- Google and Facebook are the leaders in artificial intelligence and the rest of the industry is playing catch-up. But there is still huge potential in the growth of intelligent assistants like Siri, Alexa and M. I, for one, welcome our new robot overlords.
- NASCAR is a digital powerhouse and its innovation continues with integrations with Snapchat and Twitter.
- You've reasoned that your brand needs to be on social media because people are there. But a brand's reason should be different than an individual's reason. Here Avinash Kaushik uses data to lay out How to Suck at Social Media: An Indispensable Guide for Businesses.
Advanced Bootcamp for Account Executives
Send your AEs to Advanced AE Bootcamp March 31 - April 1, 2016
The workshop is an opportunity to advance your account executives to the next level, polish their skills, and make them experts!
What AEs learn during our 2-day Advanced workshop: Agency math; running your accounts like a small business; teaching your team how to think strategically; it’s not just marketing, it’s business; getting paid to build the plan; building a sales funnel that demonstrates actual ROI to clients.
Attendees also learn how to develop marketing strategies (and know why one is better than the other) instead of just managing a project the client assigns to them.
Who Should Attend?
Agency Senior Management and Account management staff with at least 3+ years account management experience as a project manager, an account coordinator, account executive, key account manager, or as an account supervisor.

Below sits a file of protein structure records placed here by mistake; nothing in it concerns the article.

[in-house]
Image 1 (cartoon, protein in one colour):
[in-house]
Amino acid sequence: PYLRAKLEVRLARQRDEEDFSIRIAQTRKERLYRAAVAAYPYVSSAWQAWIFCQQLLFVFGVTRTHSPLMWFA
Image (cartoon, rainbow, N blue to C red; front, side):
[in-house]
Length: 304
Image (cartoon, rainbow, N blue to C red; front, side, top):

- It's been another rough week at Yahoo. The search giant is shuttering 7 of its 11 digital magazines, leaving only News, Sports, Finance and Lifestyle. And yet, David Remnick, editor of The New Yorker, thinks that the time is right for magazines, as readers like content delivered on a regular basis that provides value and that they can see love and care went into its making.
- Yahoo also pulled the plug on Yahoo Labs, its in-house research group.
- Over the last year, Yahoo has seen a slow death of its core products, with a drop in daily active users on Mail, Search and Yahoo.com.
- And while it's ominous, it shouldn't be too surprising that Yahoo has hired investment bankers to help the board explore options around a sale of its core businesses.
- At the same time, Yahoo-owned Tumblr is having trouble growing its user base, with only 8.7% of Internet users being Tumblrers.
- Last week, we explored Snapchat through the eyes of a 13 year-old. Now we take a look at The Secret Lives of Tumblr Teens.
“If you would not have a man flinch when the crisis comes, train him before it comes.” — Seneca [TWEET THIS QUOTE]
- Get ready for it: Facebook plans to put ads in Messenger. The catch is that this will only be for customers who have interacted with the Pages via chat. Let's hope there's an opt-out function, though.
- But this does bring to mind a need: we've had the Do Not Call Registry for handling telemarketers and the CAN-SPAM Act to help with email spam. Do messenger apps need their own pro-consumer legislation? [TWEET THIS]